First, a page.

SDSU basketball coach Steve Fisher shares memories of past, hopes for future with Del Mar Rotary

Del Mar Rotary President Bill Rawlings, San Diego State Basketball Coach Steve Fisher and Larry Cook, Rotarian and President of the Aztec Club. Photo by Karen Billing
Del Mar Rotary President Bill Rawlings, San Diego State Basketball Coach Steve Fisher and Larry Cook, Rotarian and President of the Aztec Club. Photo by Karen Billing

By Karen Billing

San Diego State University’s The Show was almost The Fish Bowl.

Sixteen years ago, when Coach Steve Fisher first arrived on the Mesa and was trying to ramp up fan support for his Aztecs basketball squad, unable to even give tickets away (“I’d give them free and they still wouldn’t come,” he says), he met with representatives from a fledgling student section about bulking up their corner of the arena. The early idea to call themselves The Fish Bowl was nixed immediately by the ever-humble Fisher, and instead The Show was born.

Sixteen years, multiple giant cardboard heads and “I Believe” chants, and eight consecutive trips to the post-season later, SDSU basketball is now one of the hardest-to-get tickets in town.

There is a wait list for tickets and the Aztecs basketball team has sold out its 12,414-seat Viejas Arena for the past three years.

“We average more fans than UCLA and USC combined, and those are pretty historic programs, ” said Fisher. “We’ve become relevant, and we’re proud of that.”

Fisher, a Del Mar resident, visited with the Del Mar Rotary Club on July 31, on the verge of a new season after finishing first in the Mountain West Conference last year in dramatic fashion and making the Sweet Sixteen.

“He’s a great coach, an Aztec for life and a great friend,” said Larry Cook, a Del Mar Rotarian and president of the Aztec Club.

Fisher recalled his first job when he was 22 years old, at a high school in Park Forest, Ill. He was hired not because of basketball, but because he could teach math. He taught math, physical education and driver’s education — for extra money he picked up bus and cafeteria duty.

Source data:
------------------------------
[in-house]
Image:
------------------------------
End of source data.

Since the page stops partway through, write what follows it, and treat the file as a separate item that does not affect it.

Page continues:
“I made $7,000 and thought I had died and gone to heaven,” Fisher said.

He still has a close relationship with the best player on his first basketball team at the school who was only a few years younger than he was when Fisher coached him: Larry McCarren, who went on to play for the Green Bay Packers football team.

Fisher was an assistant coach at Western Michigan and the University of Michigan before taking over head coaching duties and winning the NCAA Championship in 1989. He was at the University of Michigan for eight years, famously coaching the “Fab Five,” a group of freshmen stars who reached the NCAA finals in 1991.

The first time Fisher had ever been to San Diego was in 1975, to watch UCLA Coach John Wooden win his last championship at the then-Sports Arena. He said he marveled at the beauty of San Diego and hoped he could return to vacation — 16 years in, he said he is starting to feel like he belongs here.

“SDSU is a phenomenal place; it’s a wonderful university. If you came there now and you hadn’t been since 1999, you wouldn’t recognize it — it’s changed dramatically,” Fisher said.

As an example, Fisher’s office is now in the Fowler Center, which is where the swimming pool used to be. On Aug. 27, SDSU will break ground on the new 23,500-square-foot Jeff Jacobs JAM Center, an idea Fisher said he first “ran up the flagpole” in 2001. The basketball performance center will include two full-length courts, locker rooms, film rooms, training rooms and team lounges.



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